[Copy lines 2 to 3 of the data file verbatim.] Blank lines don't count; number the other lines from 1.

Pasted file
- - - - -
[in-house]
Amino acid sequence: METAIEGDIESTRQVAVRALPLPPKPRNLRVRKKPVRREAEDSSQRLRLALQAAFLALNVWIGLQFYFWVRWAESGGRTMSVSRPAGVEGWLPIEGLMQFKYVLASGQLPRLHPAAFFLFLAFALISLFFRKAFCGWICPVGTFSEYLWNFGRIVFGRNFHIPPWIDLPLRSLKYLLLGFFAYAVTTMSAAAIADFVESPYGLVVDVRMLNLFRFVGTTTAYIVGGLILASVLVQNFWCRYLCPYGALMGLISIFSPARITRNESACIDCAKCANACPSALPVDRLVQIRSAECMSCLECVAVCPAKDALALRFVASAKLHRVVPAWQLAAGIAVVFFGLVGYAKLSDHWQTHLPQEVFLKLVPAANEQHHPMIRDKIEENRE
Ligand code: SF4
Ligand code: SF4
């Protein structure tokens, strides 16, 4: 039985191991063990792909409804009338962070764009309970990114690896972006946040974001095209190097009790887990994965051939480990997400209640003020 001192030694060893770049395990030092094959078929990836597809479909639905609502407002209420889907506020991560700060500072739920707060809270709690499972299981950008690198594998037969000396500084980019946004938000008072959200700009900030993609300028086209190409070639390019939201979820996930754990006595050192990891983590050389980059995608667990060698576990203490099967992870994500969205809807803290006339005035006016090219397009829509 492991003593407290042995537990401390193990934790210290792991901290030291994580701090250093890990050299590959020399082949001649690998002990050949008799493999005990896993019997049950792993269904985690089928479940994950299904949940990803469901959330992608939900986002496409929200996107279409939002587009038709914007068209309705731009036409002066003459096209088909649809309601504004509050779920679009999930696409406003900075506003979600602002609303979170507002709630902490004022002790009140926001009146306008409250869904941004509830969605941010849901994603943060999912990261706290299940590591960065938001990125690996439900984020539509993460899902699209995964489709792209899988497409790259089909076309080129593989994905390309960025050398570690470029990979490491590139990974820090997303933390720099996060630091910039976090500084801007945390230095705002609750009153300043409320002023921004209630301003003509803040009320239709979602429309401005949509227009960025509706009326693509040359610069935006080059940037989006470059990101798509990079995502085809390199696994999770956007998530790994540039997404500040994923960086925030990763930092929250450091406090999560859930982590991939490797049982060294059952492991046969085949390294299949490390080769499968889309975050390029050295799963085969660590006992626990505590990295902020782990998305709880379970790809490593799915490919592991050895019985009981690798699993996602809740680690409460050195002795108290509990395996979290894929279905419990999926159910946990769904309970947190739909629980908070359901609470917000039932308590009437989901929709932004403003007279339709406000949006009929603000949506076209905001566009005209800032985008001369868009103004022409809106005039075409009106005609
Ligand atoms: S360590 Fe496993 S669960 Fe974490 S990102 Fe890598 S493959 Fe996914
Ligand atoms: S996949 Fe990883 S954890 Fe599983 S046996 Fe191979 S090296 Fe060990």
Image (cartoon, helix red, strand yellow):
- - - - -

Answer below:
Amino acid sequence: METAIEGDIESTRQVAVRALPLPPKPRNLRVRKKPVRREAEDSSQRLRLALQAAFLALNVWIGLQFYFWVRWAESGGRTMSVSRPAGVEGWLPIEGLMQFKYVLASGQLPRLHPAAFFLFLAFALISLFFRKAFCGWICPVGTFSEYLWNFGRIVFGRNFHIPPWIDLPLRSLKYLLLGFFAYAVTTMSAAAIADFVESPYGLVVDVRMLNLFRFVGTTTAYIVGGLILASVLVQNFWCRYLCPYGALMGLISIFSPARITRNESACIDCAKCANACPSALPVDRLVQIRSAECMSCLECVAVCPAKDALALRFVASAKLHRVVPAWQLAAGIAVVFFGLVGYAKLSDHWQTHLPQEVFLKLVPAANEQHHPMIRDKIEENRE
Ligand code: SF4